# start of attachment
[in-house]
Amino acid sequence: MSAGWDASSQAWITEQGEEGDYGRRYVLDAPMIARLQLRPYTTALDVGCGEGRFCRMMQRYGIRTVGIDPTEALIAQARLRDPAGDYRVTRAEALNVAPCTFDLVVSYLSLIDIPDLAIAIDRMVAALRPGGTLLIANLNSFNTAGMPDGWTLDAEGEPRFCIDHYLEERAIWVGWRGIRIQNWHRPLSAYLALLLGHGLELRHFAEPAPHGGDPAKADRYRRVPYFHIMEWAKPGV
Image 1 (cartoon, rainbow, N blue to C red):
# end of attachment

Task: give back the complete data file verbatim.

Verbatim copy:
[in-house]
Amino acid sequence: MSAGWDASSQAWITEQGEEGDYGRRYVLDAPMIARLQLRPYTTALDVGCGEGRFCRMMQRYGIRTVGIDPTEALIAQARLRDPAGDYRVTRAEALNVAPCTFDLVVSYLSLIDIPDLAIAIDRMVAALRPGGTLLIANLNSFNTAGMPDGWTLDAEGEPRFCIDHYLEERAIWVGWRGIRIQNWHRPLSAYLALLLGHGLELRHFAEPAPHGGDPAKADRYRRVPYFHIMEWAKPGV
Image 1 (cartoon, rainbow, N blue to C red):